Principal Eric Lutinski, in his eighth year here, is pleased about the Rye Neck Middle School’s growth.
By Janice Llanes Fabry
Principal Eric Lutinski, in his eighth year here, is pleased about the Rye Neck Middle School’s growth. “We have our largest enrollment in decades, 375 sixth, seventh, and eighth graders. A robust number speaks to the strength of the district and we can support it without losing the benefit of the small school feel. It strengthens extracurricular activities, clubs, sports, theater, and music programs,” he said.
By all accounts, the school year has had a spirited start. The Middle School Student Senate raised money and purchased a new Chanticleer Pear tree, modeled after the survivor tree from 9/11, which was unearthed from the ashes at Ground Zero. The resilient tree was nursed back to health at Van Cortlandt Park and replanted at the city’s memorial. The middle school students planted their own tree on campus and dedicated it to the memory of all the victims.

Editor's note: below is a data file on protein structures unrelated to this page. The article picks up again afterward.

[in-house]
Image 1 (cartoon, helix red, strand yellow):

Last week, the middle and high schools held Book Talks, a program that fosters a love of reading. In lieu of the traditional summer reading, students were required to read one book they had selected last spring from a thoughtfully devised list. Faculty and staff also signed up and they all shared meaningful conversations about their respective books on October 5.
“The program is a great way to entice students and it also gives us the freedom to approach a book in creative ways,” explained Lutinski, who read “Joey Pigza Loses Control” and discussed it with his group of middle schoolers. “Anything that will help us see things from their point of view is beneficial,” he added.
Coming up on October 24 are assemblies with Mike Nerney, an adolescent brain expert. Sponsored by the PTSA, presentations will be held during the day for students and at 7 p.m. for Rye Neck parents. Armed with scientific research, Nerney will address how adolescents perceive risk and how their parents can help them. This is a return engagement for the former Director of the Training Institute of Narcotic and Drug Research.
“A good speaker has to have good content and good presentation skills, and when you get both that’s a keeper,” said Lutinski about Nerney. “He’s an articulate and engaging presenter with a sense of humor. Here at school, we are focused on academics, but how the kids get along when we’re not around and how they manage situations is so important.”